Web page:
As we ascended upwards through the different layers of El Misti, the hike approached it’s third, fourth and fifth hour. As we approached 7 p.m. the sun began to set. It offered unbelievable visual opportunities that stopped you in your tracks. The setting sun lit the sky with a beautiful bright orange yet brought temperatures much colder than the 60’s we experienced near the base. Within minutes the temperature dropped twenty degrees and we emptied our packs in search of layers to keep us warm. The dark would surely slow our pace and the most difficult sections were still to come. We put on our headlamps - our guiding lights - and continued upwards.

After the first five hours we had reached an approximate elevation of 14,500 feet. It was 7 p.m. It was cold. It was dark. We still had about 2,000 feet to base camp and in the dark that meant multiple hours of hiking and climbing. Two of us were starting to feel a slight headache, first signs of altitude sickness begin to show around six to ten hours upon reaching 8000 feet. Our pace was slowing but we kept moving upwards towards base camp. The trail at this point had become more of a traverse interrupted by steep lava rock climbs that required some static climbing with the lack of ample light. As we continued to climb, that headache turned into more of a pounding sensation. I could feel my heart beat within my chest; it felt like my brain was mirroring my heart’s efforts. Annoying? Yes, but as the “mountain hangover” sensation increased, we also started to feel this slight inability to walk straight and control your balance. It was like being under the influence of alcohol and hungover at the same time. We were dizzy at nearly 16,000 feet and trying to hold on to ledges and rocks to support our efforts to move to higher ground. At one point, bear hugging a large boulder brought a sense of comfort. We were four hikers - one with a headache, one with dizziness, one with nausea and one with all the above. We joke that at 6 ft 5 inches the tallest of the foursome was continuously at higher altitude therefore more susceptible to the conditions.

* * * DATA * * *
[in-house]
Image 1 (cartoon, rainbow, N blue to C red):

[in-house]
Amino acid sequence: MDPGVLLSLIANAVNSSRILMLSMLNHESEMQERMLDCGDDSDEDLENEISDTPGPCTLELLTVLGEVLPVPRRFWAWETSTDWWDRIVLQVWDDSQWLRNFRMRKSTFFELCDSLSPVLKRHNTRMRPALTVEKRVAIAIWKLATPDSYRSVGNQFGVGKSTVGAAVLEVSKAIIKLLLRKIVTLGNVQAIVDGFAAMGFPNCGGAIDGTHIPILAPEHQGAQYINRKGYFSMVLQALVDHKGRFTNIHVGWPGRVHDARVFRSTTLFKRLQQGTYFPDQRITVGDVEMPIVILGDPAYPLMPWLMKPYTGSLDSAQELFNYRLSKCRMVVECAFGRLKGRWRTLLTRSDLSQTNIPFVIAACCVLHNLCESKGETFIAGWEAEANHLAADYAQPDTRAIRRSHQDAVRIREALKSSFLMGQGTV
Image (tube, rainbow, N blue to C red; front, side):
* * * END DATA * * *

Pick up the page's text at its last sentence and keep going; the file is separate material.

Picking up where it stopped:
We had succumbed to altitude sickness. Because of our eagerness for adventure we ignored the importance of preparation and patience. We eventually made it to base camp, almost two and half hours after the sun went down and 1500 vertical feet later. Altitude sickness affected all of us and it continued throughout the night. We attempted to eat soup and noodles but our hands were frozen from the cold and our stomachs were turning from the illness. The only thing that felt almost comfortable was getting into a sleeping bag and lying down inside the ill equipped two-man tent supplied by the guide service. At nearly 17,000 feet the cold wind seemed to blow right through the tent’s synthetic cover. Altitude sickness can last for days. For us it would at least last the night. Because of the diuretic nature and the dehydration caused at high altitudes through the process of water vapor leaving your lungs, we were constantly awake throughout the sleepless night.

Like I said before, this is not a story of a successful summit. This is an experience of altitude sickness. We achieved the latter by attempting to climb 7,000 vertical feet in five hours. Don’t try this at home or in an country.

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Comments (1)

A great post my friend. Very informative and welI writen. I really enjoyed. thank you Kaili.